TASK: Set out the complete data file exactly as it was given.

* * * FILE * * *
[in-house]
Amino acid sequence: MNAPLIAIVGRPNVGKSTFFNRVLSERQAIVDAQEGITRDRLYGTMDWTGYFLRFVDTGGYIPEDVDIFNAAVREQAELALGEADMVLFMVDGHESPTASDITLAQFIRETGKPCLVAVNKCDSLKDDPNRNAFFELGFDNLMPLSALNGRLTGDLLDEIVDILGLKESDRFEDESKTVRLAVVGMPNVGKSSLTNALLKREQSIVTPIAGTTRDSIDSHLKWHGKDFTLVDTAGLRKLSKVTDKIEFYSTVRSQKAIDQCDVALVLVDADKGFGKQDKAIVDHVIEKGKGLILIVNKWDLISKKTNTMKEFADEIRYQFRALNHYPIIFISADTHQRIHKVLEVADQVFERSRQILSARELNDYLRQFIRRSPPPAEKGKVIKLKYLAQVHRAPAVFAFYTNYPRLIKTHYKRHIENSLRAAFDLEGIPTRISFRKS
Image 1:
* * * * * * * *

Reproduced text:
[in-house]
Amino acid sequence: MNAPLIAIVGRPNVGKSTFFNRVLSERQAIVDAQEGITRDRLYGTMDWTGYFLRFVDTGGYIPEDVDIFNAAVREQAELALGEADMVLFMVDGHESPTASDITLAQFIRETGKPCLVAVNKCDSLKDDPNRNAFFELGFDNLMPLSALNGRLTGDLLDEIVDILGLKESDRFEDESKTVRLAVVGMPNVGKSSLTNALLKREQSIVTPIAGTTRDSIDSHLKWHGKDFTLVDTAGLRKLSKVTDKIEFYSTVRSQKAIDQCDVALVLVDADKGFGKQDKAIVDHVIEKGKGLILIVNKWDLISKKTNTMKEFADEIRYQFRALNHYPIIFISADTHQRIHKVLEVADQVFERSRQILSARELNDYLRQFIRRSPPPAEKGKVIKLKYLAQVHRAPAVFAFYTNYPRLIKTHYKRHIENSLRAAFDLEGIPTRISFRKS
Image 1: